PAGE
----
Discovery Rules

Criminal or civil litigation is the last resort for seeking justice from the system. Given the large number of litigation suits filed in democratic countries as the United States, there is a need to seek recompense in justice outside the legal system or before parties concerned agree to bring the issue to a court of law. These measures however need to be institutionalized so that both parties are satisfied with the processes and are encouraged to resolve the matter outside the court of law.
The mechanism of discovery rules is one such instrument which has provided for pre-trial phase in a law suit. The discovery procedure allows the parties in a law suit to request for evidence including documents from the other parties. The law provides for making such requests which could be for production as well as depositions. If required sub poenas can be issued for production of evidence. The discovery rules if used purposefully can lead to minimizing litigations as well as provide justice to litigants.
The aim of the prosecution is to collect sufficient evidence to establish veracity of the case and to ensure justice. However frequently the prosecution acts as an instrument to prove guilt of the accused. This mistaken notion results in subverting the very process that is required to be undertaken under the discovery rules. To avoid this anomaly it is essential that the prosecution discloses all evidence to the accused in a criminal case prior to the trial.

Having so displayed information in all respects, be it exculpatory or inculpatory by the prosecution, the defendant will be able to establish culpability of the offence and in turn decide either to challenge the case or to disclose as much evidence as possible for the prosecution to assess if the case is to be pursued or will achieve the ends of justice. The defendant is granted very justifiably protection under the Fifth Amendment, a privilege of attorney-client relationship as well as against self recrimination because of which he should not be required to disclose evidence to the prosecution.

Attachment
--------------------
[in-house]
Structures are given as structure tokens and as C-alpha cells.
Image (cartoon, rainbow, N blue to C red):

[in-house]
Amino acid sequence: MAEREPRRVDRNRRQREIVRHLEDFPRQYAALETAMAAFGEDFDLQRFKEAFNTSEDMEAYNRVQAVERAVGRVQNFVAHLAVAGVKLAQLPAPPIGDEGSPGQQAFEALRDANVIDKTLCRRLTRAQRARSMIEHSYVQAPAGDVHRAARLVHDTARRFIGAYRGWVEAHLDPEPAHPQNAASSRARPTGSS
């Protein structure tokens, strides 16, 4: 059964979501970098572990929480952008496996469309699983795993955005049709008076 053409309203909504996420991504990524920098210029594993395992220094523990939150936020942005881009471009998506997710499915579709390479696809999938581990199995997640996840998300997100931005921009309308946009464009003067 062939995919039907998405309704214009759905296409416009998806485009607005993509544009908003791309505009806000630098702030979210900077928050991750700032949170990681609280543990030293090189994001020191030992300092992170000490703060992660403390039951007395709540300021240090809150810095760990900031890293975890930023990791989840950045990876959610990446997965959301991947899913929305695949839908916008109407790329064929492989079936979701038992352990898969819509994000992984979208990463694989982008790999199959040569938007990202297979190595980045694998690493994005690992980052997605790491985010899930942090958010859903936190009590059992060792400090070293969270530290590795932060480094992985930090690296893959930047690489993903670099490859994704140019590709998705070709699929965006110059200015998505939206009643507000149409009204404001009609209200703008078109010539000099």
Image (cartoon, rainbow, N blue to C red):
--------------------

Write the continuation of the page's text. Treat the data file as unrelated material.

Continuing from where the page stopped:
This ensures that practical problems of implementing discovery rules are overcome. Prosecution can misuse discovery rules to extract maximum evidence regarding the case to strengthen arguments rather than seeking ends of justice. As Stracher (1998) has indicated the best legal minds are involved in manipulation of evidence rather than seeking ends of justice. Thus it would be appropriate for the defendant is able to exercise privileges granted in the present socio-legal environment.


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